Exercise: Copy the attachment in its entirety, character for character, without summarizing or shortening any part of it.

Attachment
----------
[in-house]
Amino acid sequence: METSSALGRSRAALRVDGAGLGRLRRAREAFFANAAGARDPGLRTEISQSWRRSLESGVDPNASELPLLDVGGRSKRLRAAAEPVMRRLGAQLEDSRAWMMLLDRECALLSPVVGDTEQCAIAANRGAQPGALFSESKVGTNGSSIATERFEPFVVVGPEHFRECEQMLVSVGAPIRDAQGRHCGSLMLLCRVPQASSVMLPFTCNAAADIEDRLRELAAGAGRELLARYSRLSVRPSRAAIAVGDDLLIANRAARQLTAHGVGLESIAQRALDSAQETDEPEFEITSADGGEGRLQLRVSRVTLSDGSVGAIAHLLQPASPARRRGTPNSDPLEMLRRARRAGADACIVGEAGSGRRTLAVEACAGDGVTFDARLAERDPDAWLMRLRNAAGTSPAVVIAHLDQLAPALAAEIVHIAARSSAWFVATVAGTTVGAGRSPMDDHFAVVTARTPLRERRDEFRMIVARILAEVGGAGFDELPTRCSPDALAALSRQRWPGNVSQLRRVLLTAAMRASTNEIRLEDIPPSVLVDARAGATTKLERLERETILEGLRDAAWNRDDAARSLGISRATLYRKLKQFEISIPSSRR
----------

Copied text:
[in-house]
Amino acid sequence: METSSALGRSRAALRVDGAGLGRLRRAREAFFANAAGARDPGLRTEISQSWRRSLESGVDPNASELPLLDVGGRSKRLRAAAEPVMRRLGAQLEDSRAWMMLLDRECALLSPVVGDTEQCAIAANRGAQPGALFSESKVGTNGSSIATERFEPFVVVGPEHFRECEQMLVSVGAPIRDAQGRHCGSLMLLCRVPQASSVMLPFTCNAAADIEDRLRELAAGAGRELLARYSRLSVRPSRAAIAVGDDLLIANRAARQLTAHGVGLESIAQRALDSAQETDEPEFEITSADGGEGRLQLRVSRVTLSDGSVGAIAHLLQPASPARRRGTPNSDPLEMLRRARRAGADACIVGEAGSGRRTLAVEACAGDGVTFDARLAERDPDAWLMRLRNAAGTSPAVVIAHLDQLAPALAAEIVHIAARSSAWFVATVAGTTVGAGRSPMDDHFAVVTARTPLRERRDEFRMIVARILAEVGGAGFDELPTRCSPDALAALSRQRWPGNVSQLRRVLLTAAMRASTNEIRLEDIPPSVLVDARAGATTKLERLERETILEGLRDAAWNRDDAARSLGISRATLYRKLKQFEISIPSSRR